Lulu asks: Hi. All my friends can swim, and I really want to learn. I’m taking lessons, but I can’t get it, no matter how many times I try. It annoys me because my friends can swim and I get embarrassed. Please help x. thanks
Hi Lulu –
Well, I guess it’s pretty obvious, but I’m not a great swimmer; I can only dog-paddle. But when you think about it, that name exists for a reason. And that’s because we dogs never take swimming lessons. We just jump in the water and do our best to propel ourselves around, which means we do something a lot like running, which is dog-paddling.
So I don’t have any great expertise on swimming for you. What I can talk about, though, is your feelings. Lulu, you can learn to swim. If you have a normal human body, you can swim just like other people. What I’m guessing is that you’re just having trouble with the “knack” of it.
By that, I mean that of course there are incredibly amazing, subtle, difficult skills that make the difference between an okay swimmer and an Olympic champion. But we’re not worrying about those. What the two sorts of swimmers have in common is a body-knowledge of how to be in the water, how to float, how to hold your body in a way that it can be buoyant and propel itself. And learning this might take a bit of time for you.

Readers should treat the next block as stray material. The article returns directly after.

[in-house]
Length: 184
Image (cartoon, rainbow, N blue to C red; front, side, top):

Is there something you can do between lessons? Maybe you belong to a gym or a club that has a pool, or maybe even your school has one? If so, I’d suggest you find some time to go hang out in the pool, and don’t even worry about swimming. Just try to make yourself float. Can you lie face up and just be there? Can you hang face-down like a jellyfish, with just your back staying above the water? Can you dog-paddle a lap?
Once your body has a sense of how to keep itself where it wants in the water, it really shouldn’t be a big stretch to then master a few good swimming strokes.
But I’m also thinking, you may have a special enemy in this. And that enemy is your own embarrassment. As long as you’re feeling bad about your swimming, you’ll be concentrating on that, instead of on your body’s movement. So, again, give yourself some time in the water alone, when you can just get a good feel for it. And then, when you go to that next lesson, remind yourself that you’re the one who’s had to learn swimming the fastest. That all the others there knew how before you. So in that sense, you’re the coolest one there! You’re actually the quickest learner, and you may well prove yourself the best swimmer eventually!
If you can do that, I really think you’ll do much better. Get your body so it can handle the water, then get your mind so it can handle the group… and you’ll be fine!